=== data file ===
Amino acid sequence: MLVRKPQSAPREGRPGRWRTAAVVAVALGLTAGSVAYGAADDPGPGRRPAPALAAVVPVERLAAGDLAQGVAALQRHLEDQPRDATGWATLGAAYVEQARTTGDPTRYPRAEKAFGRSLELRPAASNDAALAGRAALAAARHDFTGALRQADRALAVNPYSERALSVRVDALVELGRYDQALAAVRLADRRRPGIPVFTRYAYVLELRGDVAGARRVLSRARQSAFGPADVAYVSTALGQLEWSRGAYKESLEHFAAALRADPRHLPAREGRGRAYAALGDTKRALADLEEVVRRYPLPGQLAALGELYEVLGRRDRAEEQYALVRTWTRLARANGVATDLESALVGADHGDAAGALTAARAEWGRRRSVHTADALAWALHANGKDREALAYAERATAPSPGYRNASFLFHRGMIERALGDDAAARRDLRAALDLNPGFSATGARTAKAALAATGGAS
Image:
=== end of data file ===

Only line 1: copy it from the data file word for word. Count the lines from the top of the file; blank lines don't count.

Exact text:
Amino acid sequence: MLVRKPQSAPREGRPGRWRTAAVVAVALGLTAGSVAYGAADDPGPGRRPAPALAAVVPVERLAAGDLAQGVAALQRHLEDQPRDATGWATLGAAYVEQARTTGDPTRYPRAEKAFGRSLELRPAASNDAALAGRAALAAARHDFTGALRQADRALAVNPYSERALSVRVDALVELGRYDQALAAVRLADRRRPGIPVFTRYAYVLELRGDVAGARRVLSRARQSAFGPADVAYVSTALGQLEWSRGAYKESLEHFAAALRADPRHLPAREGRGRAYAALGDTKRALADLEEVVRRYPLPGQLAALGELYEVLGRRDRAEEQYALVRTWTRLARANGVATDLESALVGADHGDAAGALTAARAEWGRRRSVHTADALAWALHANGKDREALAYAERATAPSPGYRNASFLFHRGMIERALGDDAAARRDLRAALDLNPGFSATGARTAKAALAATGGAS